Connected Vehicle

Driver’s AI Assistant for Connected Vehicle

A lot of work has been done in the field of Autonomous vehicle. Combination of various technical strategies are put in place to enable the same. One of the commonly used strategy is having an in-vehicle processing capability using a powerful computer surrounded by various sensors installed in the vehicle to sense the environment of the vehicle. 

In order to have a better knowledge of these surroundings and improved navigational capability the vehicle is also connected with a satellite and can communicate and exchange information with other vehicles. All this information is processed in real time by the on-board processor to provide autonomous capability to the vehicle.

Though the research will continue to make autonomous vehicles more intelligent having enough capability to drive in any type of surrounding, for all practical purposes we cannot ignore the importance of drivers driving various categories of vehicles. In fact they are the ones who have done the job for us till now and will keep on doing the same for years to come.

Therefore, it is equivalently important to improve technology to assist drivers for better driving experience and to improve overall safety. As per various studies, we can list down few of the many reasons for an accident:

  • Drunk driving
  • Mobile phone
  • Speeding 
  • Weather conditions
  • Driver fatigue

These can be addressed up to a great extent through an intelligent connected vehicle with a combination of information received through satellites, vehicle’s current and surrounding geographical locations, virtual assistant to communicate with the driver, and audio notifications and in-cabin monitoring of the driver. 

The enablement of various features to assist drivers and improve driver’s experience is explained below:

  • Virtual Assistant: In most of the commercial vehicles, normally, the drivers travel alone without company. During long journeys it becomes a monotonous and a boring job for them. This tempts the driver to use their mobile phones to check incoming messages and notifications or for communicating with someone. Hence, providing a virtual in-vehicle assistant to drivers to interact will give them the sense of companionship during their journey.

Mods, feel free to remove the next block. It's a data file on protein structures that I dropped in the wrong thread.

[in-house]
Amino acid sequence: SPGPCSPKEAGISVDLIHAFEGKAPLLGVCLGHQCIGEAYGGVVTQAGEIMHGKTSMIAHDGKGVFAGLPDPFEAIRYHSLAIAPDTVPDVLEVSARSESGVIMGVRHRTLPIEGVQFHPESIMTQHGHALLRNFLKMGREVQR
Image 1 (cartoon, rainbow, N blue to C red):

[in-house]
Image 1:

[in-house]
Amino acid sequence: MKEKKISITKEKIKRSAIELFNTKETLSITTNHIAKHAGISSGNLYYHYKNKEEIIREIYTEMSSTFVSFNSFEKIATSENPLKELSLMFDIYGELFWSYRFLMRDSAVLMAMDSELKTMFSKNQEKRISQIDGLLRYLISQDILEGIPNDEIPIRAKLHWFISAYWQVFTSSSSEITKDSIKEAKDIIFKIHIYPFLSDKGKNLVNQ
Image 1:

This virtual assistant can also be connected to the vehicle diagnostics to provide vehicle health to the driver as an when required. The important checks such as vehicle engine status, air pressure, filter oil, door locks, and seat belt can be communicated to the driver. All the communication to/ from the driver will be controlled and routed through it. Having AI enabled capabilities, this assistance will improve over a period of time and will develop itself into a unique personality aligned to driver’s interests. 

Having a voice enabled driver virtual companion may reduce driver’s distractions due to use of mobile phones, thus reducing the possibility of accidents.

This virtual assistant can also help driver to remain connected to the base location, therefore any eventuality can be communicated back to them immediately to channelize assistance, if required.

  • Connected Vehicle: A connected vehicle will let the vehicle’s driver to be aware of the geographic conditions of the terrain where he is currently driving. Since the centralised systems have plethora of data regarding in-route weather conditions, traffic congestions, accidents; the information can help the drivers to make informed decisions, whether to take a break or do a route diversion to avoid unfavourable weather conditions depending on the type of cargo and the criticality of reaching at the destination.

The information of the vehicle being driven at any road based on its current geo-location and the applicable speeding restrictions on that road can help to apply restrictions on the driver to not breach the maximum speed at the road. This will enable variable maximum speed allowed for a vehicle depending on which road the vehicle is being driven.

The vehicle will only have a limited amount of information and computing capability, however the centralised systems will have enormous data and the processing capabilities. This will help in providing the connected vehicles with computed information thus extending and assisting their capabilities enormously.